After a two-hour tracking job, he and Donny recovered it together.

The 4 1/2-year-old 12-pointer had a dressed weight of 185 pounds, and it bests the previous Michigan (perfect-class) bow record by nearly 20 inches. Its BTR composite score is 186 inches.

[Read the rest of this article...]

04
Making the Best of a Bad Situation

Disciplining an employee who lives and breathes deer hunting by giving him a day off in mid-November, even without pay, is a bit like sending a child to his room with a game-laden laptop and a Popsicle.

After what happened to Will Durstine last year, his coworkers might be lining up for DLOs (disciplinary layoffs) in 2013.

Will normally works the second (afternoon) shift. Prior to Nov. 14, if the hunter from Acme, Pa., wanted to see the sunset from a tree, he'd have to wait for when he had a whole day off the clock.

The main reason he pined for an evening hunt in 2012 was a time-stamped trail camera photograph of a buck with a very large and unusual rack. It was working a scrape a few yards from his stand on property across the line in Ohio.

"My only problem with hunting this buck was that our hours didn't jive," he said. "It was most frequently in the area from mid-afternoon to dusk. I had to be out and headed to work by noon."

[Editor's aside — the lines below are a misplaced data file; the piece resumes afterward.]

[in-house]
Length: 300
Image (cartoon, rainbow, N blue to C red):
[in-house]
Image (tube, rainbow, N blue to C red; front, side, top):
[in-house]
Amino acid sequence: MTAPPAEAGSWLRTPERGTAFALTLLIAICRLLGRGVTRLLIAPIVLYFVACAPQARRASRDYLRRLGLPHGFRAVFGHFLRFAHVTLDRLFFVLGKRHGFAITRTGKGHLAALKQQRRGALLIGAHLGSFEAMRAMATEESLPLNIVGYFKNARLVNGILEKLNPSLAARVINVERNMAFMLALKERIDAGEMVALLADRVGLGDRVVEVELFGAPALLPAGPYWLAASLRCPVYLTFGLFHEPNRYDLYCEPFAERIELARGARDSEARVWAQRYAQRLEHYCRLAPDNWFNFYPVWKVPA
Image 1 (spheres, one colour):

After work on the 13th, he drove to the property and spent the night in his Jeep; he didn't want to risk oversleeping.

Will had been in his stand a scant 45 minutes the next morning when several deer approached his setup from downwind. They busted him almost immediately and began snorting and stomping.

After that fiasco, he sprayed down with scent-killer.

[Read the rest of this article...]

28
Bucks Lost and Found

When it comes to deer hunting, brothers Steve and Scott Esker are "all in," both figuratively and literally.

The twins from Ohio have put more than 2,310 inches of antler in the record book during the last decade, several of which have appeared within and on the cover of Rack magazine.

The Eskers have lots of ground to hunt, and they're able to pick and choose which bucks to target by patterning them throughout the summer. Last year, both had eyes for a whitetail with exceptional brow tines, and they took turns hunting from the lone blind on the property.

Steve was in it on Oct. 18, and he drilled the buck during the last few minutes of daylight.

When he texted his brother for help tracking it, Scott was playing in a poker tournament.

"He was winning and couldn't leave right then," Steve said.

Eager to join Steve at the farm, Scott tried several times pushing all his chips to the center of the table – an all-or-nothing gesture that meant he could leave when he was out of chips. Every time, however, he won.

"He finally told the guys that he had a crappy hand and that someone needed to call him," Steve grinned. "That's when he finally lost."

They found the deer together, and it was Scott who found the single drop of blood that kept them on track.

There's a lot more to the story behind Steve's sixth entry into the BTR, which carries a composite score of 201 1/8 inches. You can read Ed Waite's telling of it in RACK magazine this fall.

[Read the rest of this article...]